High Heat

For the modern athlete, it’s a good indication that you’ve arrived on the map when footage of your high school games makes its way onto YouTube. So when highlights of slugger Michael Burgess’ early March showdown with crosstown flamethrower Nevin Griffith began popping up on the popular Website, it was further evidence that Burgess has people buzzing.

Though just a few games into his senior season at Tampa’s Hillsborough High, the 18-year-old’s power exploits are already legendary. Those who have followed his career anxiously retell the account of his blast last year in the Florida 5-A playoffs, when Burgess joined Ken Griffey Jr., Bo Jackson and Frank Thomas as the only players to clear the 60-foot high wall in center field at Ed Smith Stadium in Sarasota. He added to his aura in the home run derby at the Aflac All-American Classic when he delivered a pair of tape-measure blasts that wound up on the roof of a building adjacent to Tony Gwynn Stadium in San Diego–with a cracked bat, no less.

“My bat was already cracked (entering the contest), but it was my favorite wood bat so I just taped it and kept hitting with it,” Burgess said.

Thanks to memorable moments like those as well as a stellar amateur career at Hillsborough High and with his summer travel team, the Midland (Ohio) Redskins, Burgess distinguished himself as the best power prospect in the 2007 draft class entering his senior season.

Honorary Influence

Burgess’ status was a long time in the making, and began at the age of 5 when his grandfather pushed him toward baseball for a very practical reason.

“I wanted him to play something where he would not be getting a major injury,” said Michael’s paternal grandfather, Sylvester Burgess. “And that is why we were always scared of football because of major injuries that can come from playing football.”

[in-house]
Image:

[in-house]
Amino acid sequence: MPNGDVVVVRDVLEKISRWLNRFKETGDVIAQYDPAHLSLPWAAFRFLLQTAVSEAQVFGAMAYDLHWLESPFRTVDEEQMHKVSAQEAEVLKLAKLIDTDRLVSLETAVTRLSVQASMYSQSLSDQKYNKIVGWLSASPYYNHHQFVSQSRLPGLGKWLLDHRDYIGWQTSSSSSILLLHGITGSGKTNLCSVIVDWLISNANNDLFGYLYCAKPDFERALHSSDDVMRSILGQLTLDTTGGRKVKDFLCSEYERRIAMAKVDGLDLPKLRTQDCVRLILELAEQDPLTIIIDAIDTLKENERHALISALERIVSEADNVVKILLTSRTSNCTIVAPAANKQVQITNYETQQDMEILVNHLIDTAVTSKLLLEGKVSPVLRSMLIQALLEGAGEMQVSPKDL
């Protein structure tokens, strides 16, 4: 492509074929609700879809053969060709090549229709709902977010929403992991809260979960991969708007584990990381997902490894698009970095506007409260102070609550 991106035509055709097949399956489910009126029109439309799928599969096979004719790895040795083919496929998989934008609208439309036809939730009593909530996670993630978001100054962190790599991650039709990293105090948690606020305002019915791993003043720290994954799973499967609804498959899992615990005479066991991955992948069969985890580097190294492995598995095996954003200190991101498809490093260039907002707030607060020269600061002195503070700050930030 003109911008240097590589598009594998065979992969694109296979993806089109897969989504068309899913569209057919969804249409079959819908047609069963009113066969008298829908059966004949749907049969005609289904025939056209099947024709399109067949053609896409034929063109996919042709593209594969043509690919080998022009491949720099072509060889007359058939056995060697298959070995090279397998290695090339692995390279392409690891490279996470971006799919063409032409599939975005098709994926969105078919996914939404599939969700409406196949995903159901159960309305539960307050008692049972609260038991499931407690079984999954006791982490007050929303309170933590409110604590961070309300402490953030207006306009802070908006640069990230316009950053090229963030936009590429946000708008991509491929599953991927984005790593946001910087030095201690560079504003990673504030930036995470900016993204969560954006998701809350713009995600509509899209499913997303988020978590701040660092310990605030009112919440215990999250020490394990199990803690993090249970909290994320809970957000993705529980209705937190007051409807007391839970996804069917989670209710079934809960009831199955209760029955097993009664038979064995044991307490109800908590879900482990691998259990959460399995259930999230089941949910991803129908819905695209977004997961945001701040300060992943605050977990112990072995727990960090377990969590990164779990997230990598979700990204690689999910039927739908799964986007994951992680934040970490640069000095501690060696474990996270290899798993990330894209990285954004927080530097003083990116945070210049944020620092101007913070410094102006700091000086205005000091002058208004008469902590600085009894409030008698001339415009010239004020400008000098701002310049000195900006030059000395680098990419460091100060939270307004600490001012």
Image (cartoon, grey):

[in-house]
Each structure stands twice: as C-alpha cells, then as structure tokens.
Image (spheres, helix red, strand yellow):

Burgess, at a compact 6 feet, 200 pounds, looks better suited for shoulder pads than stirrups and he eventually convinced his grandfather to let him try football. But it became clear quickly that his future was on the diamond.

“When he was 6 we saw it because every time you tried to teach him something he already knew it,” Sylvester said.

Michael’s parents never married, and though he lives with his mother and still sees his father frequently, his grandfather has been the biggest influence in his baseball career. Sylvester retired from his job at an aluminum manufacturing plant six years ago and devoted much of his time to Michael and his burgeoning baseball career. When discussing Michael’s exploits with scouts and coaches, there is always reference to the influence his grandfather has on his life.

“His grandfather is a great guy; I think he definitely keeps him humble,” Hillsborough High coach Kenny White said. “When you have a guy with that much talent to also be pretty humble, it is a great combination. I think his grandfather definitely has a lot of influence in that.”

For the typical teen, grandparents are the antithesis of hip, but that is of no matter to Michael.

“Me and my Granddad, it’s not quite like having a girlfriend but he is the most important person in my life besides my mom,” Michael said.

His grandfather attends every one of Burgess’ practices and games. He is part mentor, coach, cheerleader and chauffeur, escorting “Mike,” as he refers to him, wherever he needs to go. The only thing that has made him miss some of Michael’s games is his fear of flying.

“I was hoping it was going to be (a team) somewhere close (that drafts him) so I can catch a lot of games,” said Sylvester, 65. “I’m a Dodgers fan but I don’t want the Dodgers to pick him because that is too far.”

Hillsborough History

Come June, Michael is poised to join a litany of Hillsborough High alums that have had their names called early on draft day. The illustrious list counts seven first-rounders (including Gary Sheffield, Dwight Gooden and Carl Everett) as well as 1982 second-rounder Floyd Youmans and 2003 third-rounder Elijah Dukes.

While all those names made their names for performance on the field, they have all had misadventures off the field that undermined their talent. Michael doesn’t appear to be in any danger of repeating their missteps and has even received personal advice from Gooden, Sheffield, Everett and Youmans about avoiding the wrong path. Nonetheless, a team that is considering spending seven figures on him has to at least consider the track record of the school’s alumni. This is where the area scouts ability to familiarize himself with a player is paramount.